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Over the past two decades there has developed an increasingly serious debate about the existence of extraterrestrial intelligent life. More recently, there have been significant deliberations about ways in which extraterrestrial intelligence might in fact be detected. In the past two years, a series of Science Workshops has examined both questions in more detail. The Workshop activities were part of a feasibility study on the Search for Extraterrestrial Intelligence (SETI) conducted by the NASA Ames Research Center.
The objectives of the Science Workshops, as agreed at the second meeting in April 1975, were: to examine systematically the validity of the fundamental criteria and axioms associated with a program to detect extraterrestrial intelligent life; to identify areas of research in the astronomical sciences, and in other fields, that would improve the confidence levels of current probability estimates relevant to SETI; to enumerate the reasons for undertaking a search, the values and risks of success, and the consequences of failure; to explore alternative methods of conducting a search; to select, in a systematic way, preferred approaches; to indicate the conceptual design of a minimum useful system as required to implement the preferred approaches; to delineate the new opportunities for astronomical research provided by the system and their implications for system design; to outline the scale and timing of the search and the resources required to carry it out; to examine the impact of conducting a search, and the impact of success or failure in terms of national, international, social and environmental considerations; and to recommend a course of action, including specific near-term activities.
This report presents the findings of the series of Workshops. The major conclusions of our deliberations are presented in Section I. First, an Introduction lays out the background and rationale for a SETI program, and then in The Impact of SETI, we examine the implications of the program. In particular, the Impact section examines the significance of the detection of signals and of information that may be contained in signals from extraterrestrial civilizations.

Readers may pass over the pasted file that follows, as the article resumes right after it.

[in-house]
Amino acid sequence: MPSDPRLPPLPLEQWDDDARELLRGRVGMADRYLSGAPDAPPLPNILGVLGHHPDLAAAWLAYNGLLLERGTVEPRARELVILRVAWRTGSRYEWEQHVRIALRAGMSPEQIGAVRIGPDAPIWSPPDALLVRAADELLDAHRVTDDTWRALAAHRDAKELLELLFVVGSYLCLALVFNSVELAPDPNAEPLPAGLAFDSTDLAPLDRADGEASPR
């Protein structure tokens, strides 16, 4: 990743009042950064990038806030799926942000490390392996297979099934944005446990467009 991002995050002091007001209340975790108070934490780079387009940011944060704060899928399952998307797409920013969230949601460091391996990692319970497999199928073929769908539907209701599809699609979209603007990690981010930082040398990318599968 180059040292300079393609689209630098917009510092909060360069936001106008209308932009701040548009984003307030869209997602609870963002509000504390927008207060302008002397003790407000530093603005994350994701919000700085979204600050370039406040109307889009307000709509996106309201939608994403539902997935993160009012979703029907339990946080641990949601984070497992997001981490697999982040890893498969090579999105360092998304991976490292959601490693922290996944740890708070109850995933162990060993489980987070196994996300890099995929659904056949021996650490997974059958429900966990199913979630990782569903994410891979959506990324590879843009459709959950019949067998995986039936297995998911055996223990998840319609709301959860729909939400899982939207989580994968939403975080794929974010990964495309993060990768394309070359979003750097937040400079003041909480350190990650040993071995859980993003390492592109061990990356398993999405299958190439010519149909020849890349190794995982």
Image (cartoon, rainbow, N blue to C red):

For those who wish to see some of the arguments in more detail, we have extracted from the discussions of the last two years, six of the most interesting and significant elements of the debate in the form of Colloquies (Section II). Finally, we have documented, in greater depth, a selection of detailed technical arguments about various aspects of the SETI endeavor. This is Section III – Complementary Documents.
The reader should note that the Introduction, the Impact of SETI, and the Conclusions, which comprise Section I of this volume, have been prepared by and represent the views of the Workshop as a whole. Sections II and III, on the other hand, have been prepared by the individual authors listed, and while consonant with the major SETI findings, reflect specifically the views and style of presentation of the authors.
In addition to the series of six Workshops, and at the instigation of the participants, two additional series of meetings were held. The first, under the Chairmanship of Dr. Joshua Lederberg of Stanford University, addressed the question of Cultural Evolution in the context of SETI. The second, under Dr. Jesse Greenstein of the California Institute of Technology, addressed the question of the Detection of Other Planetary Systems. The conclusions of these meetings are presented in Colloquies 2 and 3.
The last of the Complementary Documents (III-15) lists the members of the Science Workshops, our consultants and advisors, and the agendas for the nine Workshop meetings. Detailed minutes of all of the Workshops are available from Dr. John Billingham, SETI Program Office, NASA Ames Research Center, Moffett Field, California, 94035.
I would like to express my appreciation to everyone who has worked with me in this undertaking. I must single out first the Workshop members themselves (see Complementary Document 15), and in particular Joshua Lederberg and Jesse Greenstein for their major contributions in taking the chair at their respective special Workshops (see Colloquies 2 and 3). The assistance of the NASA Centers, and specifically of the SETI Groups at the Ames Research Center and Jet Propulsion Laboratory must be recognized, together with numerous contributions from consultants and speakers who have addressed and advised us. Last, but by no means least, special thanks are due to Vera Buescher, Secretary to the Ames SETI Team, for her loyal and indefatigable attention to the thousand details which went into the preparation of this report.
In conclusion, I would hope that our report will provide a logical basis for the evolution of a thoroughgoing but measured endeavor that could become a significant milestone in the history of our civilization.
We recommend the initiation of a SETI program now.
6. The Science of SETI
David C. Black and Mark A. Stull